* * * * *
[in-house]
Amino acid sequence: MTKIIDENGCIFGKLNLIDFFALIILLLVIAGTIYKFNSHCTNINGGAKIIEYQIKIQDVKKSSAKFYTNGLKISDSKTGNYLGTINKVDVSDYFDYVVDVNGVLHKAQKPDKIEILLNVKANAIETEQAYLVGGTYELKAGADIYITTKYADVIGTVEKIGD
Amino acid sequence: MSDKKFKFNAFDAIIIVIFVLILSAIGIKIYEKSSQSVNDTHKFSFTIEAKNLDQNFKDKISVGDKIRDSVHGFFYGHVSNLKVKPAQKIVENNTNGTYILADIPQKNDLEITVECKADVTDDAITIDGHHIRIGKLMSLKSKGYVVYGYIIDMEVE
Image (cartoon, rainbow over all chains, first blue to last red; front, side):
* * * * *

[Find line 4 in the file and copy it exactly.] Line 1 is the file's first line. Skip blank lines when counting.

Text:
Image (cartoon, rainbow over all chains, first blue to last red; front, side):